With the shortage of fertilizer, the cost of all types of produce are going to go up. Farms will not produce as much of a crop without adequate fertilizer and farmers only have so many choices of what they can use. There aren’t adequate alternative supplies that they can turn to.
Unfortunately, produce isn’t one of those things that we can stock up on, unless we are going to can it or dehydrate it. Few people today have a root cellar, which would be the other option for stockpiling large quantities of at least some types of produce, with the expectation that it will last for several months.
Although we don’t receive meat from Russia or Ukraine, the fertilizer shortage is going to affect the cost of meat. We’ve already seen some pretty high inflation in the cost of meat over the last year, especially beef.
But this is nothing in comparison to the price increases we’re going to see in the coming year, as farmers and ranchers try to make up for their increased costs to feed those animals.
For those of us who are preppers, this is probably the most serious shortage that we’re looking at, mostly because we really don’t stockpile meat. However, in the last couple of weeks I’ve filled my freezer, to the point where you literally couldn’t fit a frozen mouse in there.
My wife and I bought the meat in the family packs at Sam’s Club and repackaged it in one meal packages. It might not be enough to get through the year, but it’s enough to get through a lot of it.
Just like meat, we can expect the cost of most dairy products to go up, with the possibility of their being shortages sometime in 2022. Even without shortages, we can expect prices to increase.
But in addition to that, we can expect the problems with fertilizers to affect eggs and other dairy products as well. Higher transportation costs will just make this worse.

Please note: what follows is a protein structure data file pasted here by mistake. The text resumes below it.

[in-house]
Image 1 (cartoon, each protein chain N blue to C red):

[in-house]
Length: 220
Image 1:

Non-Food Items to Stock up On
While this article is about food items, I feel there are two important non-food items that I need to mention.
Bottled propane is basically liquefied natural gas. Many of us use propane for barbecue grills and a smaller number use it for our stoves and furnaces. With the war in Ukraine, the major pipelines from Russia into western Europe are at risk.
While supplies have not been cut yet, and there are no plans to sanction Russian natural gas, the lines themselves could become damaged by the war. Should that happen, Europe will be crying out for anyone to ship them natural gas.
I’m not even sure that there is shipping available for the United States to ship natural gas to Europe. But if there is, we might see a temporary shortage of natural gas, with the associated price increases. Filling up the tank behind your home now or even buying a spare tank for the grille could be a good failsafe, just in case prices rise.
We’ve already seen what has happened to gasoline prices, largely driven by the cost of raw petroleum skyrocketing. While this has only shown up as increased in gasoline and diesel so far, it will affect lots of other petroleum-based products this year.
We can expect prices on everything from paraffin candles to plastic goods to chemicals to go up this year. How bad that will be is up for grabs.